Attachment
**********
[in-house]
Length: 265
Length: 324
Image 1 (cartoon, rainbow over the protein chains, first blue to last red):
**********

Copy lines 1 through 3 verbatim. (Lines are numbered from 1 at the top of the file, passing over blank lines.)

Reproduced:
[in-house]
Length: 265
Length: 324